Birla Tyres will resurface on Indian roads a year from now, courtesy the new owners of the company and the brand — Himadri Speciality Chemicals Ltd and Dalmia Bharat Refractories.
The consortium of Himadri and Dalmia took physical possession of the plant and machinery of Birla Tyres at Balasore, Odisha, on Tuesday after closing the transaction with the creditors of the ailing tyre maker.
According to the resolution plan approved by the National Company Law Tribunal, the consortium partners paid Rs 306 crore to the creditors and acquired control of Birla Tyres within 15 days of the pronouncement of the order.
“We will roll out tyres for commercial and passenger vehicles a year from now under the well-established brand name of Birla Tyres,” Anurag Choudhury, chairman and managing director of Himadri, told The Telegraph.
Birla Tyres, which was once part of the famed BK Birla empire before slipping into insolvency, will be a subsidiary of Calcutta-based Himadri, which claims to be the third largest producer of carbon black, a key ingredient in tyre making. “It will be Birla Tyres by Himadri,” Choudhury said.
Himadri will be the majority owner in the consortium, which is in the process of assessing the condition of the Balasore plant. The investment required to restart the unit that was closed for more than 30 months will be known following a detailed assessment after a month.
While Birla Tyres used to produce CV tyres, the company’s plan to roll out passenger radial tyres never took off. However, the previous management had bought machinery for radial tyres, which have to be installed. The present capacity of the Balasore unit, spread over a 190-odd acre plot on the National Highway, is 400 tonnes per day. The consortium partners aim to roll out passenger car tyres especially for electric vehicles.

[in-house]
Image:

One of the key assets, apart from the land, acquired by the Himadri and Dalmia duo is the Birla Tyre brand. “It would have probably taken 20 years for us to start from scratch and establish the brand in the market. But with the recall of the three-decade old Birla Tyre brand, the time can be reduced,” Choudhary said.
Himadri estimates a greenfield unit would have taken 24 months and the replacement cost would be Rs 3,100 crore.
Manav Investment & Trading, a promoter group company of Kesoram Industries — the flagship of the BK Birla group — had objected before the NCLT to the use of "Birla" name by the successful resolution applicants, arguing they have no connections with the Birla family.
The NCLT had rejected the plea of Manav, noting the applicant is neither a member of the “Birla” family nor a authorised person to represent the “Birla” family. The applicant has no locus standi to raise this allegation, the NCLT held.